Note from Dena: I'm sharing a guest post today from Betsy Duffey and Laurie Myers, AKA "The Writing Sisters." They're sharing a brief truth from their heart. (And check out their new book. It sounds amazing and I can't wait to read it!)
The rat pushed the paper away from him wearily, but the discreet Mole took the occasion to leave the room, and when he returned again sometime later, the Rat was absorbed and deaf to the world alternately scribbling and sucking the top of his pencil. It is true that he sucked a good deal more than he scribbled; but it was a joy to know that the cure had at least begun.
Kenneth Grahame, The Wind in the Willows
Writing can heal the writer. When we share our stories, we share our hurts and pains and let light into the dark places. Putting our thoughts on paper helps us to understand what we think and make sense of our lives. Like Flannery O’Conner said, “I write because I don't know what I think until I read what I say.”
Counselors working with women who have experienced grief and loss know this. Nothing is more powerful in healing than the sharing of stories, often in the form of letters to the lost loved one. In the telling of stories, there is understanding and connection; and, often, the beginning of the healing process.
Journaling is a tool for understanding confusing emotions and clarifying hurtful thoughts. Naming the pain through words is hard, but it's also important in moving forward. And naming the joys helps us fully appreciate our blessings.
Hurt feelings? Write about it. Grief and loss? Write about it. Mad? Write it down.
Writers have a unique occupation that brings constant revelation and introspection--but writing and journaling are not just for professional writers. The practice of writing is something we all can do. Writing shows us what we think and helps us to understand our lives.
When we write, we are changed.
The Writing Sisters, Betsy Duffey and Laurie Myers, were born into a writing family and began critiquing manuscripts at an early age for their mother, Newbery winner Betsy Byars. They went on to become authors of more than thirty-five children’s novels. Their first book for adults, The Shepherd’s Song, is being released in paperback this month.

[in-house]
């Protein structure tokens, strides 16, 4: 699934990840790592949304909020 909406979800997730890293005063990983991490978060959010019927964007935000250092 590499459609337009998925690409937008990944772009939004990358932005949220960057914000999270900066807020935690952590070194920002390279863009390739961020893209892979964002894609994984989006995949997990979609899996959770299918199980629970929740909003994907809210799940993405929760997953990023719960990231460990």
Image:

You can connect with Laurie and Betsy through their monthly newsletter, in which they send out updates and their popular, FREE devotional books. Contact them at WritingSisters.com and find them on Facebook, Twitter or Pinterest.
More about The Shepherd's Song:
The Lord is my shepherd; I shall not want. He makes me lie down in green pastures…
Shortly before a tragic car accident, Kate McConnell wrote down the powerful words of Psalm 23 on a piece of paper for her wayward son. Just before she loses consciousness, Kate wonders if she’s done enough with her life and prays, “Please, let my life count.”
Unbeknownst to Kate, her handwritten copy of Psalm 23 soon begins a remarkable journey around the world. From a lonely dry cleaning employee to a soldier wounded in Iraq, to a young Kurdish girl fleeing her country, to a Kenyan runner in the Rome Invitational marathon, this humble message forever changes the lives of twelve very different people. Eventually, Kate’s paper makes it back to its starting place, and she discovers the unexpected ways that God changes lives, even through the smallest gestures.
With beautiful prose evocative of master storyteller Andy Andrews’s The Butterfly Effect, this story will touch your heart and remind you of the ways God works through us to reach beyond what we can imagine.